For a prompt abt railroads and empire building, and a document about building the trans siberian railroad, could my outside evidence be about the Great Wall of China and how it protected and expanded the dynasty’s empire, and relate that to how railroads could do the same thing?
Probably not. The prompt is asking specifically about railroads AND empire-building, and the Great Wall wouldn’t suffice (nor is it really technically within the time period, though it exists).
I’d consider instead:
- Other nations and RR construction for the sake of imperialism that AREN’T in the docs
- Other impacts of RR-building on empires beyond “it mades empires expand” - maybe how folks responded to the building of said RR.
Happy to give feedback if you want to bounce ideas around.
Analogies (which I believe is what you’re going for) don’t count. @ebisso has touched on alternatives but remember: outside evidence counts only if it’s related to the prompt (so RAILROADS or EMPIRE BUILDING/imperialism). That connection is the key for you to earn that point!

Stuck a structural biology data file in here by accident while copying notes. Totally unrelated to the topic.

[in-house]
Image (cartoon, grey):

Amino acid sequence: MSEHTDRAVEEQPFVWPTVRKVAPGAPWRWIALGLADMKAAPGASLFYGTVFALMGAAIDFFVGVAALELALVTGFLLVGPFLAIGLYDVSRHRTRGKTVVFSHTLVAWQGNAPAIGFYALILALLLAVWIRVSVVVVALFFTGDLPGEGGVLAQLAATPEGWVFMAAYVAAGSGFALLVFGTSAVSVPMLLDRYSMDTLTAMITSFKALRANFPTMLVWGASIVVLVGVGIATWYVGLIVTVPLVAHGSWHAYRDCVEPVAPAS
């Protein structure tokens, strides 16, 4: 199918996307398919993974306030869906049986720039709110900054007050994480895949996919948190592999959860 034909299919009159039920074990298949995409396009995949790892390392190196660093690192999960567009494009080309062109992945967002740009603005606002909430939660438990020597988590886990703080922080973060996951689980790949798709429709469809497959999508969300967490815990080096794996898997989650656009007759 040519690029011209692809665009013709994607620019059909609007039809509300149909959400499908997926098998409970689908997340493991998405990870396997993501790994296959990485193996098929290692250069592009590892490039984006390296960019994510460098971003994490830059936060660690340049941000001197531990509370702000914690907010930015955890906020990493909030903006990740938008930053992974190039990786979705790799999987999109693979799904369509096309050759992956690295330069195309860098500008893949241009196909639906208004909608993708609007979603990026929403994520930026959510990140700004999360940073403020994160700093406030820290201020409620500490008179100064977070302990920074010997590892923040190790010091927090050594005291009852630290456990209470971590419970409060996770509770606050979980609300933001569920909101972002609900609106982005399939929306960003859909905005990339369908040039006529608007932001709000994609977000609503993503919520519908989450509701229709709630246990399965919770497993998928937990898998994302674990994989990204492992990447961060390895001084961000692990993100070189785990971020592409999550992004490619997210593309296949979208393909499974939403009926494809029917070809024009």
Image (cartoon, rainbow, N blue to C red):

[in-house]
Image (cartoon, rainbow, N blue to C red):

Would a better example be the transcontinental railroad in the US? I wrote a sample explanation but I’m still not sure if I’m connecting it enough/properly:
Like the Trans Siberian railroad in Russia, the transcontinental railroad in US promoted migration across the continent, and made governance and control of the rapidly expanding country much easier. Building railroads allowed for the growth and more effective management of the country, which enabled it to grow and build, same as how building railroads in colonial holdings allowed for imperial powers to have more control over them and thus, build their empires.
Yep! That would be a great example. Japan’s railroad-building would also work.
Question: Do you have to cite a source that you got your outside evidence from? What is an example of a sentence of outside evidence that doesn’t directly cite?
No, you don’t especially if you’re using your own words. Bring up a point of evidence, connect it to your argument, and move on